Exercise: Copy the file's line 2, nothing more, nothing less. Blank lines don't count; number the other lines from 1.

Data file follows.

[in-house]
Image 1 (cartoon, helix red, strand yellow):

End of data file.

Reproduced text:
Image 1 (cartoon, helix red, strand yellow):